Former Independent Counsel Ken Starr said on Wednesday that U.S. Ambassador to the European Union Gordon Sondland had made a "shocking omission" from his testimony by omitting the fact that President Trump told him: “I want nothing, I want no quid pro quo."
“I’m stunned that that comment would have not have come out in the opening statement," Starr told “America’s Newsroom.” "Why? Are you trying to be fair? Are you trying to be complete?"
“There is no excuse for this ambassador appointed by this president to leave out such a material omission,” Starr added.
The story of the Sept. 9 exchange between Trump and Sondland emerged as a key moment for Republicans defending Trump's actions surrounding military aid to Ukraine. The president himself argued that the ambassador's testimony should exonerate him from any claims of wrongdoing in the ongoing impeachment inquiry.
Speaking to reporters on the White House lawn before departing on a scheduled trip to Texas, Trump claimed that Sondland’s testimony means “it’s all over” for the proceedings before reading from handwritten notes made during Sondland's testimony.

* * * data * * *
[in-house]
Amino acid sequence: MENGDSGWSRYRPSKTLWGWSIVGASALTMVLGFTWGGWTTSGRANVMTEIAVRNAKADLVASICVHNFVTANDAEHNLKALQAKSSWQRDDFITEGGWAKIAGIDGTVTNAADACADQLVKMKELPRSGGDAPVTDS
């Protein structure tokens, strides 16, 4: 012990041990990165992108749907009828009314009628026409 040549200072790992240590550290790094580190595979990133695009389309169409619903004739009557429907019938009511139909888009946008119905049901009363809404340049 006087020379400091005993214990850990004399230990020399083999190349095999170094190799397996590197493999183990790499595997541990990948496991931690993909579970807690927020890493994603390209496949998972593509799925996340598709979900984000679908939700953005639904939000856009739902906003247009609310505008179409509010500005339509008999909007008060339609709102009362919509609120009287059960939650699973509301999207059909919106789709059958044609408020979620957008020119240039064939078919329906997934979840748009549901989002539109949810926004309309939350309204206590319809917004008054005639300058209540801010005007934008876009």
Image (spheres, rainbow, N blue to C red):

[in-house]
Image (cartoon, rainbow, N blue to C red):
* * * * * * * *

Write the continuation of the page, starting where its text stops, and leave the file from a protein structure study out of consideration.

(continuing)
Sondland testified that on Sept. 9, he asked Trump what he wanted from Ukraine.
“And it was a very short, abrupt conversation,” the ambassador said. “He was not in a good mood. And he just said, ‘I want nothing. I want nothing. I want no quid pro quo. Tell Zelensky to do the right thing.’ Something to that effect.”
Sondland, however, testified that he and others in the administration understood that a meeting at the White House and a phone call between Trump and Ukraine President Volodymyr Zelensky would happen only if Zelensky agreed to an investigation into the 2016 U.S. election and the son of former Vice President Joe Biden.